The Food and Drug Administration (FDA) has approved Xeomin (incobotulinumtoxinA; Merz) as a first-line treatment for blepharospasm in adults.
The approval was based on data from a phase 3 study that included 61 treatment-naïve patients who had a diagnosis of blepharospasm with a baseline Jankovic Rating Scale (JRS) Severity subscore ≥2; JRS is a clinical scale used to measure blepharospasm severity and frequency. The primary outcome measure of the study was the change from baseline in JRS Severity subscore at Week 6.
Results showed that treatment with Xeomin (50 units) was associated with a statistically significant improvement compared with placebo (treatment difference: -1.2; P =.0004). With regard to safety, findings were similar to those seen in previous studies with Xeomin.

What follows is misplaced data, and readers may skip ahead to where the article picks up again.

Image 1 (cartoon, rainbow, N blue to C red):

“Merz is proud to offer a first-line treatment option for blepharospasm, a devastating condition that has no cure and affects up to 50,000 patients in the US,” said Kevin O’Brien, Vice President and US Head of Neurosciences, Merz.
In addition to blepharospasm, Xeomin is also indicated for chronic sialorrhea, upper limb spasticity, cervical dystonia, and for the temporary improvement in the appearance of glabellar lines associated with corrugator and/or procerus muscle activity.
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This article originally appeared on MPR